Actors, writers and artists got together on Saturday afternoon at Meltdown Comics for a day of Dungeons & Dragons with a purpose. Celebrity Charity Dungeons & Dragons set out to raise funds for Reach Out and Read, a national literacy organization that provides books to pediatric healthcare practitioners to give their young patients while teaching parents the importance of reading aloud to children.
Satine Phoenix, who hosts Meltdown's twice-weekly meet-up DnDMelt as well as the comic shop's DrawMelt life-drawing classes, organized the event. Phoenix, who has been playing D&D for 17 years, had been itching to do some charity work. Finding participants wasn't a challenge.
“If you put out that you want to play Dungeons & Dragons, you find all the other people who want to play Dungeons & Dragons because we're all in the closet,” says Phoenix. “Nobody really talks about it, but a lot of people play it.”
The first Celebrity Charity Dungeons & Dragons event took place in 2010. Phoenix describes that as “a trial run with a lot of the same people.”
The participants were divided among four tables, with each group featuring its own Dungeon Master. They played from 1 to 6 p.m., all of it streamed online via Stickam. Viewers could check out the stream by making a donation of $1 for each table they wanted to watch.
For this year's event, Phoenix brought in Keith Baker, creator of the Dungeons & Dragons campaign setting Eberron. Baker was not only a Dungeon Master for one of the four groups playing, he wrote the adventure that everyone used on Saturday. Phoenix provided the illustrations for the adventure, which is available as a PDF this week for a $5 donation.
“One of the things about Dungeons & Dragons that is the strength of it is that everyone builds their own stories,” says Baker.
Over time, players take the tools of the game and develop their own worlds, which are shared by their fellow players. Since Saturday's event was a one-time-only game, it presented Baker with a different sort of opportunity as a writer.
“The challenge with an event like this, where you have people who don't know each other and are only going to play this one time, is having something that feels compelling and enjoyable, even if they aren't playing with characters they know or people they know,” he explains.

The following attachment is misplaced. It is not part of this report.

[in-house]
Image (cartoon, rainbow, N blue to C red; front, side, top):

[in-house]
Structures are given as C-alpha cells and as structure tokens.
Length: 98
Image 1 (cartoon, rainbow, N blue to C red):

“That's the part that's interesting to me as a writer, is trying to tell a satisfying story in a way that's not really what the game is at its best.”
Like DnDMelt, the charity event featured players of all different backgrounds. Model-actor Chloe Dykstra (There Will Be Brawl) has been playing for a year. Others, like writer Pat Kilbane (Brain Eater's Bible) and writer-producer Javier Grillo-Marxuach (Lost, Medium, The Middleman) have been playing on and off since they were children.
“It's been an interrupted, lifelong thing,” says Grillo-Marxuach, who currently plays the fourth edition of Dungeons & Dragons.
Meanwhile, other participants were former Dungeons & Dragons players looking to return to the game.
“I played it when I was a kid, which was during the Reagan administration,” says famed artist Coop, “but I haven't really played it since then.”
“The last time I played D&D hardcore was probably when I was in college,” says Lowenthal. “I've tried, but it's hard when you get older to carve out entire weekends of time.”
Celebrity Charity Dungeons & Dragons was a special event, but you can check out DnDMelt at Meltdown Comics on Thursdays from 5-10 p.m. and Sundays from 11 a.m.-6 p.m. Check out the Meetup site for more information.
See Page 2 for some helpful tips for new D&D players.
Saturday afternoon, I asked a few of the participants in Celebrity Charity Dungeons & Dragons for their tips for beginners. Check out the responses below:
“Don't be overwhelmed by the rules. There are books and books of rules, but you don't have to know them all. If you play with someone who has already played, it's pretty intuitive. Just don't be intimidated.” —Pat Kilbane, writer (Brain Eater's Bible)
“Take a lot of risks. Don't be afraid to take risks, otherwise it will be a boring game.” —Chloe Dykstra, model/actor (There Will Be Brawl)
“The first piece of advice I would give is pay attention to the other people in your party. This isn't a solo game, unless you're playing a solo game. The people I've had the least fun playing with are people who really don't care about anybody else.” —Yuri Lowenthal, actor (Naruto, Ben 10, Durarara!!)
“Always check for traps.” —Javier Grillo-Marxuach, writer-producer (Lost, Medium, The Middleman)